In the spring of 2018 our coffee website produced a pretty great event here in our home base city of Portland, Oregon. From creative director Michelle Johnson, the event—Black Coffee—drew a packed crowd of 200+ to the historic Clinton Street Theater for a thought-provoking, poignant, and frequently hilarious live interview event. You can watch the full video presentation of Black Coffee here, or listen to it as a special podcast presentation on the Sprudge Media Network podcast channel.
This event was big for a lot of reasons—feel free to dive further into all that here on Michelle Johnson’s website—but we especially loved having guests in from out of town, and getting to plan for that before and after the event itself. Of course that meant good wine! From splashes in the mezzanine of our event partner (Ace Hotel PDX) paired with pies from Red Sauce, to a deep dig through the crates at the after party wine bar (to the sounds of DJ VNPRT), we had a chance to serve wines from some of our very favorite producers, including Les Foulards, Yahou Fatal, Patrick Sullivan, Joe Swick, Brianne Day, Paltrinieri, Cantina Giardino, and many more.
A couple of days later a unique opportunity was presented: the chance to pair wines with the cuisine of one of Portland’s hottest, most in-demand chefs of the moment, Kiauna Nelson of Kee’s #Loaded Kitchen. Winner of the WIllamette Week’s 2018 Cart of the Year award, Nelson’s food cart is nothing short of a phenomenon here in PDX, boasting 30k + Instagram followers from around the world, and resulting in daily long lines and sold out lunches, all from a little food cart pod on NE MLK and Wygant.
Taking advantage of Portland’s laissez-faire cart pod liquor laws, Sprudge was joined for an epic lunch by Black Coffee’s own Michelle Johnson and Ezra Baker (Share Coffee Roasters), as well as Tiara Darnell, Leafly’s 2018 Oregon Budtender of the Year and the host of High Good People, a lauded new cannabis podcast.
Kee brought the #Loaded plates, stacked high with perfect smokey hot dogs, bbq pork, beans, corn, buttery rolls, and just about the best potato salad you’ve ever had. We brought the wine—four bottles from near and far—and rolled tape on the conversation.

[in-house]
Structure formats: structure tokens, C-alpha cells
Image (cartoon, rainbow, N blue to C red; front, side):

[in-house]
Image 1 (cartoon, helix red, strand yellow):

The best bits of our conversation are presented below, edited and condensed for clarity.
Maysara Vineyards NV “Oregon Sparkling Wine” — McMinnvile, Willamette Valley
Sprudge: So to start, some fizzy bubbles. This wine comes from a guy called Moe Momtazi, who has these beautiful Biodynamic vineyards down in McMinnville, in the Willamette Valey. He came to America from Iran after the Iranian revolution back in the 80s, and had a whole career in construction, but now runs this family wine business with his three daughters. One of the daughters makes the wine, one of them does the marketing, and the other runs the tasting room, which is also like a wedding venue, down there in the Valley.
Michelle Johnson: Oh shit. I don’t know if I’m ready for this. I haven’t had food like this in so long…
Ezra Baker: Oh, you don’t have this in Australia? [laughs]
Sprudge: Ezra, before we came to lunch you were looking at Kee’s Instagram, and you called this “auntie food”—can you talk about that little bit?
Baker: Yes, absolutely. I feel like every Black family has the one aunt who can really cook. And so for family gatherings, that’s who’s cooking—or sometimes it’s multiple aunts.
Johnson: I have on both sides of my family.
Baker: But there’s so many different kinds of soul food. My family and I always talk about this. Most of the soul food in the north is really Caribbean influenced, but in Georgia, where I’m from, there is more of a Senegalese influence.
Johnson: This wine. It has like a whole peach iced tea thing going on. There’s a sweetness there.
Sprudge: Definitely some residual sugar, for sure. Maysara makes a lot of kind of serious, comparatively expensive Pinot Noir, and their fruit is really in demand by other winemakers here in Oregon. But this is their party wine, for when they host weddings out on their property.